News item | 2014-03-03 | 08:59 AM

Greenpeace: Utilities are stuck in the past

In a newly published report, Greenpeace claims that European energy utilities have spent their efforts on maintaining businesses mainly based on fossil fuels instead of promoting the introduction of renewable sources of energy.
"Vattenfall is fully commited to act as a partner of the energy turnaround and will continue to seek good solutions for adapting to the changed market environment," says Sabine Froning, Director European Affairs and Policy Management at Vattenfall.

The ten largest energy utilities produce more than half of Europe's power. Yet, according to Greenpeace's report "Locked in the past: Why Europe's big energy companies fear change", they only produce four per cent of their power from non-hydro renewables.

Gloomy future
Greenpeace claims that Vattenfall, together with the other utilities in Europe, is facing a gloomy future with a continued weak demand for electricity, over-capacity, increased competition from renewables and therefore low wholesale prices and reduced plant utilization.

According to the report the utilities "have been so busy attacking the regulations related to renewable energy that they have ignored the benefits of controlling a substantial part of renewable capacities".

Greenpeaces continues: "Changes to EU electricity markets have come much faster over the past few years, something the big energy companies failed to predict. Most developments should not have come as a surprise, as the situation had long been heading that direction".

Fundamental changes
Sabine Froning, Director European Affairs and Policy Management at Vattenfall, has taken a first look at the report and says:

"Vattenfall acknowledges that the European energy system has undergone fundamental changes in recent years which has made that major factors for the company's business decisions have developed differently from what we had expected.

Demand fell due to the financial crisis, and both wholesale electricity and CO2 prices dropped to lower levels than previously anticipated. In combination with low coal prices, resulting from US shale gas developments, these factors created a market situation in which Vattenfall had to recognise large impairments in its Dutch power business. Electricity production from coal has become more profitable than gas-based production despite significantly higher CO2 emissions."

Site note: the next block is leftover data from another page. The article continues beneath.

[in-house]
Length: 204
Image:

"Vattenfall supports the call for an ambitious climate target and strengthening of the EU's Emissions Trading Scheme, in order to steer future production and investments into low carbon technology, " Froning says.
"The company has at the same time invested heavily in enhancing the efficiency of its plants in order to reduce the CO2 impact."

Long lifetime
Sabine Froning says Vattenfall is fully committed to act as a partner of the energy turnaround.

"We will continue to seek good solutions for adapting to the changed market environment, by continuing to invest in and partner with renewable energy projects as well as by developing new sustainable products and services. Since all Vattenfall's investments have a long lifetime, we also support the call to refrain from unexpected, radical and retrospective policy changes."

43 billion SEK
Klaus Aurich, Head of Investor Relations, provides details about Vattenfall's investments in renewables.

"We can conclude that since 2006 Vattenfall has invested approximately 29 bn SEK in new built wind power and roughly 14 bn SEK in acquisitions of wind assets, totaling 43 bn SEK. In addition, Vattenfall has invested 5.3 bn SEK in biomass and waste.

"Of the total 105 bn SEK planned investments for 2014-2018, maintenance and replacement accounts for 88 bn SEK (84%). Only 17 bn SEK, or 16%, goes to growth. Of growth investments, wind power accounts for the largest part," says Aurich.

In addition to an ambitious climate target, Greenpeace advocates for a 45% share of renewable energy by 2030 and a reduction of final energy consumption by 40% (compared to 2005).